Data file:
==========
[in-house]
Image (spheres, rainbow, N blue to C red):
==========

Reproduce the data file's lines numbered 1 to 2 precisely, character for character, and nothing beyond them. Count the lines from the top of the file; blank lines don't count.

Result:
[in-house]
Image (spheres, rainbow, N blue to C red):